equanimity


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e·qua·nim·i·ty

 (ē′kwə-nĭm′ĭ-tē, ĕk′wə-)
n.
The quality of being calm and even-tempered; composure.

[Latin aequanimitās, from aequanimus, even-tempered, impartial : aequus, even + animus, mind; see anə- in Indo-European roots.]

equanimity

(ˌiːkwəˈnɪmɪtɪ; ˌɛkwə-)
n
calmness of mind or temper; composure
[C17: from Latin aequanimitās, from aequus even, equal + animus mind, spirit]
equanimous adj
eˈquanimously adv

e•qua•nim•i•ty

(ˌi kwəˈnɪm ɪ ti, ˌɛk wə-)

n.
composure, esp. under tension or strain; evenness of temper.
[1600–10; < Latin aequanimitās=aequ(us) (see equal) + anim(us) mind, spirit, feelings + -itās -ity]

equanimity

calmness of temperament; even-temperedness. — equanimous, adj.
See also: Attitudes
ThesaurusAntonymsRelated WordsSynonymsLegend:
Noun1.equanimity - steadiness of mind under stress; "he accepted their problems with composure and she with equanimity"
disposition, temperament - your usual mood; "he has a happy disposition"
aplomb, assuredness, sang-froid, cool, poise - great coolness and composure under strain; "keep your cool"
serenity, tranquility, placidity, tranquillity, repose, quiet - a disposition free from stress or emotion

equanimity

equanimity

noun
Translations

equanimity

[ˌekwəˈnɪmɪtɪ] Necuanimidad f

equanimity

[ˌɛkwəˈnɪməti] négalité f d'humeur
with equanimity → avec sérénité

equanimity

nGleichmut m, → Gelassenheit f; with equanimitygleichmütig, gelassen; to recover one’s equanimityseine Gelassenheit wiedergewinnen, das seelische Gleichgewicht wiederfinden

equanimity

[ˌɛkwəˈnɪmɪtɪ] nequanimità, serenità d'animo

equanimity

n. ecuanimidad; entereza.
References in classic literature ?
Their own remoteness and elevation above its feverish life kept them from the knowledge of much that was strange, and perhaps disturbing to their equanimity.
Look now at Stubb; a man who from his humorous, deliberate coolness and equanimity in the direst emergencies, was specially qualified to excel in pitchpoling.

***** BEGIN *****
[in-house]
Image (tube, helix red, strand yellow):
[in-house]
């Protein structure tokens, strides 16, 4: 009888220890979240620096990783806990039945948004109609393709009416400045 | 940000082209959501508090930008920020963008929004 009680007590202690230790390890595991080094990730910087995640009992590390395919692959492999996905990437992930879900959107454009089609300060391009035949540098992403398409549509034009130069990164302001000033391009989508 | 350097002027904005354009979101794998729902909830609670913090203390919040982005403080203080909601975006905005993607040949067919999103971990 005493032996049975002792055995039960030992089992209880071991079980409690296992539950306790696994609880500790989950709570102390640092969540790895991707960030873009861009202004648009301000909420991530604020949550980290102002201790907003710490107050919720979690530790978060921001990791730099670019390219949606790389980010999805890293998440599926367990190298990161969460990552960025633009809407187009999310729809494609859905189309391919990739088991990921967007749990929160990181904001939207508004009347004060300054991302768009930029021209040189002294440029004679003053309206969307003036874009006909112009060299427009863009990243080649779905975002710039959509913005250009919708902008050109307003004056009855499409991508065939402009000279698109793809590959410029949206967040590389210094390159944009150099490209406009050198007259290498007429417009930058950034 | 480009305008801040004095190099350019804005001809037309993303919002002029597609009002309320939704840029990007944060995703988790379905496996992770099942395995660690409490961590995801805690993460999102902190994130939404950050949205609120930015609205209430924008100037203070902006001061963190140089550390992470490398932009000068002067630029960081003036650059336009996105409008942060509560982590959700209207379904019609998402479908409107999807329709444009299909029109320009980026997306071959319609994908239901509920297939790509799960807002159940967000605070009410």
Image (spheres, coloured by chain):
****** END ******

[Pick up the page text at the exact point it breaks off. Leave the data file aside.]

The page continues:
He would listen to the most pathetic appeals with the most discouraging politeness and equanimity.
Altogether existence grew brighter, and when she was left alone with the teacher for her grammar lesson she had nearly recovered her equanimity, which was more than Miss Dearborn had.
The little party recovered its equanimity at sight of the fragrant feast.
We have to slay pride in giants, envy by generosity and nobleness of heart, anger by calmness of demeanour and equanimity, gluttony and sloth by the spareness of our diet and the length of our vigils, lust and lewdness by the loyalty we preserve to those whom we have made the mistresses of our thoughts, indolence by traversing the world in all directions seeking opportunities of making ourselves, besides Christians, famous knights.
This is so clear a proposition, that moderation itself can scarcely listen to the railings which have been so copiously vented against this part of the plan, without emotions that disturb its equanimity.
Now that he was fully convinced, Fix had quite recovered his equanimity.
The laborers began to jeer the travelers and by their insolence disturbed the equanimity even of the cool Athos, who urged on his horse against one of them.
To be brief, she was that wisest, but unloveliest, variety of woman, a philosopher, bearing troubles of the heart with equanimity, dispensing with all that should have been her happiness, and making the best of what remained.
Indeed, she has not yet recovered her equanimity on the subject, though it is now nearly three hours since dinner, and the house-floor is perfectly clean again; as clean as everything else in that wonderful house- place, where the only chance of collecting a few grains of dust would be to climb on the salt-coffer, and put your finger on the high mantel-shelf on which the glittering brass candlesticks are enjoying their summer sinecure; for at this time of year, of course, every one goes to bed while it is yet light, or at least light enough to discern the outline of objects after you have bruised your shins against them.
Close to where we lay, squatting upon their haunches, were some eight or ten noble-looking chiefs--for such they subsequently proved to be--who, more reserved than the rest, regarded us with a fixed and stern attention, which not a little discomposed our equanimity.